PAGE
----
Montezuma Castle near Camp Verde, Arizona

Montezuma Castle National Monument is a 5 story, 20 room living space built by the Sinagua people between 1100-1300. Today, it is considered one of the best preserved cliff dwellings in the country. In 1906, President Roosevelt declared Montezuma a place “of the greatest ethnological value and scientific interest,” making it one of the first four national monuments. The dwellings are built 100 feet above the ground in a natural alcove, this being one of the reasons for their preservation.

Ancient Sinagua culture

The ancient Sinagua people occupied both the forested and desert lands of central and Northern Arizona, including the western Mogollon Rim, the Verde Valley, and the San Francisco Mountain Volcanic Field, between the 7th-15th Century. Read more about the interesting Sinagua people.

When early settlers discovered the ruins in the 1860’s, they named it Montezuma, believing it was Aztec in origin. However, the castle was abandoned over 40 years before the Aztec emperor Montezuma was even born (The Sinagua left sometime around 1425). Almost no original artifacts remain due to looting over the years.

Viewing the ruins

An easy 1/3 mile paved path takes you around the ruins. Along the route, you can read some interesting historical facts about the dwellings and the Sinagua people. The path is shady with pretty Sycamore trees lining the path. Back in the day, tourists could tour the inside of the dwelling, however, self tours have been off limits since 1951 to prevent further damage.

A view of the 1/3 mile paved path at Montezuma Castle near Camp Verde, Arizona
View of Montezuma Castle from the paved trail - near Camp Verde, Arizona
Pretty sycamore trees along the path at Montezuma Castle

Montezuma resembles an ancient apartment building. It’s hard to imagine these ancient tribes using ladders to haul all their materials, food, and water up. It’s also unbelievable that they built this dwelling on the limestone cliff with no modern technology, just ladders and their own hands. Really, it’s hard to imagine people in the past living in such conditions, which is what makes it all the more interesting in today’s society.

Next to the castle you will find the remains of another dwelling, Castle A. In the 1400’s, a fire destroyed this 5 level, 45 room dwelling.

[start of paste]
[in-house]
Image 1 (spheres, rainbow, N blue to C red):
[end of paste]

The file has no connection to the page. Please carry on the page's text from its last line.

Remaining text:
Castle A at Montezuma Castle near Camp Verde, Arizona

Beaver Creek, which flows just below the ruins, was a source of year-round water. In a harsh climate, this made it a great place to inhabit.

Beaver Creek at Montezuma Castle near Camp Verde, Arizona

In the Visitor’s Center, you can learn more about the Sinagua people. A small assortment of souvenirs available for purchase.

A roadside attraction worth the detour

Overall, Montezuma is an interesting roadside attraction. It shouldn’t take you more than an hour or so to walk the short path and read all the interesting facts about the Sinagua. I wouldn’t necessarily go out of my way to visit Montezuma as there is not much to see. That being said, exploring Montezuma makes for a great detour on the way to Sedona, Flagstaff, or the Grand Canyon. Those interested in the history of the Southwest and Native American tribes will find Montezuma the most worthwhile.

For more to do and see in Northern Arizona, visit my 101 things to do in Northern Arizona guide.

Address & Admission

Montezuma is located about 90 miles north of Phoenix, 45 minutes south of Flagstaff, and about 30 minutes from Sedona. To get here, follow I-17 to exit 289. Turn left on Montezuma Castle Road.

The cost is $10 per adult (under 15 free). I recommend an annual National Parks “America the Beautiful pass,” which includes admission to Montezuma and every other national park/monument in the country for 1 year at the low price of only $80. If you intend on visiting several national parks/monuments within the year, it will easily pass for itself in just a few visits.

Have you ever visited Montezuma Castle? What other national monuments/parks in Arizona would you recommend?